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Caring for Silver Jewelry and Dealing with Tarnish.


Lustrous, solid and reliable, there are many reasons why silver is one of the most common metals circulating in the jewelry world. But with all it's rewards it still has it's flaws. Most commonly tarnishing. The natural process that happens when the metal oxidizes.


Tarnishing is caused by exposure to the elements. Light, air, and moisture can all effect the silvery sheen on your jewelry. Which means, the more you wear them the faster they tarnish. Bonus fact: lotions and oils cause oxidation too. All jewelry tarnishes with age. Unfortunately It's inevitable.


The good news is tarnish does not harm your jewelry. Oddly enough it's actually a protective layer that forms to prevent damage from the elements. Tarnish can go from a milky coating that dulls the shine of the silver all the way to black in the most severe forms of tarnish. And it's completely reversible. No matter how dark. So if aged isn't your look there are several good ways to get your jewelry sparkling again.





There are a lot of good recommendations for keeping your jewelry from tarnishing. You can store them in anti-tarnish bags which are essentially zip-lock baggies that are treated to keep the light off your piece. They're small enough to fit in your jewelry box so they're an easy solution and a winner for those of us organizing queens who love to label.


They sell sealable jewelry boxes online that keep an airtight seal. Preventing tarnish from air and light. Mildly affordable a bit bulky at times. But a good choice for the gems you need to store for long periods of time.


Rhodium plating, which is a platinum coating, is an excellent choice to protect your silver over a long period of time. It's not a permanent solution as the plating will wear down with normal wear, but it will extend your time between cleanings drastically. These days a lot of silver jewelry on the market already comes rhodium plated to give it a brighter sheen. Jewelers use a process that bonds the platinum to the outside of the jewelry piece using an electrocurrent.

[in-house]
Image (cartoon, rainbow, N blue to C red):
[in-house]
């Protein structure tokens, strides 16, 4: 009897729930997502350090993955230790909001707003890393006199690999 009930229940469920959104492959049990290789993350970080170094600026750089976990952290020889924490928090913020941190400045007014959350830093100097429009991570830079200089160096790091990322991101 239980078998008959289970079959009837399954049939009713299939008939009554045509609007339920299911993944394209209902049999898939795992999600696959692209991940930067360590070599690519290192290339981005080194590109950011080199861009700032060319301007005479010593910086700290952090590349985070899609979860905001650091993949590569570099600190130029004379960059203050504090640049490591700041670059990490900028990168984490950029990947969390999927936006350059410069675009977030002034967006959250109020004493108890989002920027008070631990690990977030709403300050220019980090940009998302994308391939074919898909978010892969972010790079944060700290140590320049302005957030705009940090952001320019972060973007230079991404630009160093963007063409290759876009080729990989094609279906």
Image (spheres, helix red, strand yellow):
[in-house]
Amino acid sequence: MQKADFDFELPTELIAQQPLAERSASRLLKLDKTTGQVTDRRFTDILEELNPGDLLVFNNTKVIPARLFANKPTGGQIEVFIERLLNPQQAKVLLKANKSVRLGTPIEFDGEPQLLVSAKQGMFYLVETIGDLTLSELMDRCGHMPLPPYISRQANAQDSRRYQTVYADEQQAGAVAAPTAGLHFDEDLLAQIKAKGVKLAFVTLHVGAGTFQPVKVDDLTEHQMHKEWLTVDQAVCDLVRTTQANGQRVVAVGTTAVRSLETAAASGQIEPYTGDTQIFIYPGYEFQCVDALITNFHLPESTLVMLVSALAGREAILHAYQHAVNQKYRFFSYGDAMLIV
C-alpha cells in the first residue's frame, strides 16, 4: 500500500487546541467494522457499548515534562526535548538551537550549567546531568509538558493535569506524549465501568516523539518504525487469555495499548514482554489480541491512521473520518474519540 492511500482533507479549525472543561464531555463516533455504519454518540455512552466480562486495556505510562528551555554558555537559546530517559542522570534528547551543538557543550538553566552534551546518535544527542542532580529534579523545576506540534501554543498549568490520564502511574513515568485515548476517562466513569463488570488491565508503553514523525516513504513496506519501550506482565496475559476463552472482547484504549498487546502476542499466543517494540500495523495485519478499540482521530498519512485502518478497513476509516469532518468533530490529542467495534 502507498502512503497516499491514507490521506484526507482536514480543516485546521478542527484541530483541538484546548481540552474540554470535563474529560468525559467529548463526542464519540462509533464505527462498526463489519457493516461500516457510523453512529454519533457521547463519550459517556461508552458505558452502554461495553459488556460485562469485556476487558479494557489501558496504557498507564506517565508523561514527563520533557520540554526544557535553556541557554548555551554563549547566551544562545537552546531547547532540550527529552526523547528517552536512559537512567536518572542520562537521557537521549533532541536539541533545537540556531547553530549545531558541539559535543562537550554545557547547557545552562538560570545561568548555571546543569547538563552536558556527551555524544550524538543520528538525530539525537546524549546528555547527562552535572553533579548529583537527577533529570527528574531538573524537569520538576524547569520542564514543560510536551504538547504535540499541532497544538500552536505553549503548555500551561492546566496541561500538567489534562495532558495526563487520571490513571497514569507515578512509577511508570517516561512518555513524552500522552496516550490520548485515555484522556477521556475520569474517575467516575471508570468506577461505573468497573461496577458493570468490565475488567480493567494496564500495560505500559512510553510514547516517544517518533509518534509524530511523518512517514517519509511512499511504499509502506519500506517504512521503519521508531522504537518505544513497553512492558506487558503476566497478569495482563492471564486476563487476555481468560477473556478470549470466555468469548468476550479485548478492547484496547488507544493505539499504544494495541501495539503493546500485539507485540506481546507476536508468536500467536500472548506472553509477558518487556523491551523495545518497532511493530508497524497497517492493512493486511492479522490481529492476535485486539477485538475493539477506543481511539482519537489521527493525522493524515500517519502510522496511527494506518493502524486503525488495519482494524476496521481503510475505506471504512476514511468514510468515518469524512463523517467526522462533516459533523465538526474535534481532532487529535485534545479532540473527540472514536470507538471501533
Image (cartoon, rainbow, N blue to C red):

A more affordable solution that you can get from your jeweler is an anti-tarnish treatment. Similar to plating in that it involves beakers and heat. But instead of a metal coating it's a chemical solution. It's hypo-allergenic, but highly sensitive peoples should still be cautious.


So we've talked about preventing tarnish, but what about the necklace you inherited that looks like it was dipped in coal? As I said earlier, it's completely reversible!


My favorite solution, as I use it here in the shop on a daily basis, is silver cleaner. Silver cleaners are available wherever jewelry is sold. You simply swish the jewelry piece in the solution for no more than 10 seconds and it comes out bright and white again. It's handy to also have a polishing cloth on hand to give it a good buff and shine once it's dry. Do not use silver cleaner on soft stones like turquoise, pearl, or opal. There are gentler cleaners sold specifically for delicate stones, and they still pack a punch. Remember do not go over 10 seconds. I've had people bring in pieces that are chrome black because they left it in overnight. Just a swish rinse and you're done.



In cases where the jewelry needs more than just a dunk in jewelry cleaner, you can always take it into your jeweler for a professional polish. We have equipment that will buff off the tarnish and reveal the shiny metal hiding underneath all that grime. The polishing process also removes all of the scratches on the surface making the jewelry look brand new again.


There's a lot of DIY silver cleaning methods I found online in my research. But I can't suggest any of them because I haven't tried them myself. They seem like fun, so maybe that'll be another article for another time.


Remember, tarnish is preventable but only for a period of time. Tarnish is reversible. Read your solution labels carefully, and treat soft stones delicately. And when in doubt, bring it into your local jeweler.







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